Cover Letters: More or Less?

Query letters are a hotly debated topic, but how do you write one that is effective and will work for you?

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Cover letters are one of the most hotly disputed aspects of the manuscript submission process, but in this case it’s completely a business of opinions. Many publishers call for sample chapters (usually three in the first instance) to be accompanied by a letter that should include—alongside the short-form synopsis—a brief CV and an overview or outline of your online presence. Believe it or not, however, these things can actually work against you and have, in my experience, become a negative factor unless the above has a great impact on your ability to sell the subject work in question.

For instance, an established mid-list author of sci-fi or fantasy fiction decides to move into general fiction or crime. There’s no point outlining all your achievements unless some of them make you a perfect fit for the area you’re trying to move into. Similarly, a few hundred or even a few thousand Twitter followers are not going to be of great interest to a crime or general fiction publisher if it’s quite obvious that most of those followers are hardened sci-fi fans or dedicated readers of your otherworldly work…because the chance of them crossing over are slim.

Likewise, far too many authors with self-published or one-lung deals with independent publishers (who rarely if ever offer a professional rate advance) consider themselves professional authors and think that a pro-editor from a major publishing house will share the opinion that their work should be read. This is like going for a role in a James Bond movie and stating that you should get the part because you were James Bond at the Tidwell village hall in Dr. No the previous year. Nobody cares but you. I’m sorry if a lot of the above seems harsh…but if you want to hear the right advice and not a flow of contrived dribble aimed at improving your opinion of your achievements, then do keep reading.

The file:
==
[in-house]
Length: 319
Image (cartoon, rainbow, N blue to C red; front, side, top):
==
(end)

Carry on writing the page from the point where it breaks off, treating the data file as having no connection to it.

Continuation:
Your cover letter should be short and to the point. If you’ve had deals with major publishers, certainly point them out…but not at length. Again, if you have to underline who you are or what you’ve done then you’re undoubtedly corresponding with someone who has never heard of you and is unlikely to be impressed by all the things you’ve achieved under the radar.

Douglas Adams, bestselling author of the Hitchhiker’s Guide to the Galaxy, once wrote:

“Many men of course became extremely rich, but this was perfectly natural and nothing to be ashamed of because no one was really poor—at least no one worth speaking of.”

This tells you everything you need to know about a cover letter: be humble, be direct and don’t waffle.

I’ve written more than 30 books for children and my cover letters could run to a page and a half of worldwide and territorial deals, but my cover letter to—say—a horror publisher would read:

Dear [editor’s name],

Please be kind enough to consider the enclosed synopsis and chapters from ‘The Underdark’. Although I’ve published many books, my only professional horror credit to date is the YA series ‘Undead Ed’ published in the UK by Hodder and the US by Penguin.

Thank you so much for your time and attention.


Davey Stone

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David Grimstone (David Lee Stone) from Ramsgate is a bestselling author of series fiction for Disney USA, Penguin USA and Hodder UK.

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